The following article is taken from the Chairman's Column in the Winter edition of Scottish Gamekeeper (SGA's quarterly member magazine)
Recently I received an email from Duncan-Orr Ewing of RSPB. It was pre-warning that RSPB intends to campaign for new laws regarding game bird releasing in Britain.
There was the usual pre-amble about conservationists and the game sector ‘agreeing on some things’. Then the knife was turned.
He need not have bothered with small talk.
Today the reality is, there are very few things the working countryside agrees on, with RSPB.
There was maybe a day (when RSPB were more about saving birds) that the prospects of working to bring about shared goals may have been possible, even encouraged.
That day, unfortunately, seems long gone. They have lost many friends in the farming community with their we-know-better-than-you attitude and their inability to reflect with humility on their own shortcomings when it comes to saving birds.
They now seem like an organisation fixated on accruing money- and ending game shooting.
They would have people believe it is reform they seek. I don’t believe it and there are less and less people, who rely on the countryside to make a living, who do.
If it was reform they sought, they would have looked at the facts, presented to them by GWCT’s Teresa Dent (on how low ground shoots produced more farmland birds than non-shooting land) and decided to engage with working conservationists on how to maximise proven benefits of game releasing.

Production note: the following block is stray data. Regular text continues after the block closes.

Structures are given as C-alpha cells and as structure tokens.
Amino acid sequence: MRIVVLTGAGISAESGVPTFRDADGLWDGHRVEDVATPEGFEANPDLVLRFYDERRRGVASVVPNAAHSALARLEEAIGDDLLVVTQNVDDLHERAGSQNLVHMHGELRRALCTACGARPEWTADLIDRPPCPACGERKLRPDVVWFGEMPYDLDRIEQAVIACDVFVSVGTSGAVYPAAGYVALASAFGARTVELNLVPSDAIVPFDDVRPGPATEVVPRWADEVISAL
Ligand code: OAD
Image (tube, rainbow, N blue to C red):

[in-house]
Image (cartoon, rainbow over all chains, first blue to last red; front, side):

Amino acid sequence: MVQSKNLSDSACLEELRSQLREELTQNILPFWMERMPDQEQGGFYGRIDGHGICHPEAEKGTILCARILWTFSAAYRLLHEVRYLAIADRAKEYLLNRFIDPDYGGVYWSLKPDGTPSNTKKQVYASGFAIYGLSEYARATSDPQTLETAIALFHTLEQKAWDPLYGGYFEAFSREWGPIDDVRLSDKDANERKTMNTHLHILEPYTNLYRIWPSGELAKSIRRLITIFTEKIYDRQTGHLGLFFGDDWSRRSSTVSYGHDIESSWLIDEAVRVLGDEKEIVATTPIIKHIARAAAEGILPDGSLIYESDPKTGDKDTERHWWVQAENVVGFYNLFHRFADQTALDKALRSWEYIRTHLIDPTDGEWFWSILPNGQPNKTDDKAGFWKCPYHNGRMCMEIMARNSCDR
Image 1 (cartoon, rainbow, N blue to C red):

Instead, they’ll cut straight to politics and campaigning. Stuff the farmland birds who benefit from management that goes with pheasant and partridge shooting such as hedgerow planting, game crops and woodland creation and management (see: https://www.scottishgamekeepers.co.uk/latest-news/2022/2022-10-09-pheasant-shoots-save-scotlands-vanishing-hedges.php
Here is a powerful charity, carrying forward over a quarter of a billion pounds in its latest accounts, with the potential to do so much good. Instead, they seem to spend more and more of their legacy, which they could invest on making a difference to their nature reserves, to what they term ‘advocacy’.
That ‘advocacy’, to anyone looking in, is political and media campaigning and, more often than not, demonstrating an unjustified sense of superiority over other land managers who spend their daily lives using land for ‘providing’ rather than simply relying on other peoples’ money to manage it, in order to promote their own world view or do things like build visitor cafes.
Not everyone has the luxury of bank balances which could rival a small nation's GDP, which is what the RSPB have.
There are people out working hard in the countryside daily, making a living and trying to strike a balance for nature because they are passionate naturalists who simply believe it is the right thing to do, even if those choices are financially difficult.
That’s certainly what our members are doing and there is increasing pressure on farmers, but try they will.
Perhaps the reason the RSPB wage persistent war against game shooting is that game shooting provides more birds, per pound, than their land management prescriptions? Maybe game shooting is the RSPB’s eternal red face?
Whatever the case, we will never know. There is no requirement for RSPB to publish what they produce in terms of birds and they stopped reporting on what nature they had on their reserves a long time ago. There needs to be greater political scrutiny as to why this is, before more scarce cash is doled out to them. Why is there no measurement for Return on Investment when it comes to the activities of this very wealthy charity when all other public spending is scrutinised in Holyrood and Westminster? Are they answerable to no one?